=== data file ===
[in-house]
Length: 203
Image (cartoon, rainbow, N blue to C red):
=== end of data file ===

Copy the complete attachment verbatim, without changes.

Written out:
[in-house]
Length: 203
Image (cartoon, rainbow, N blue to C red):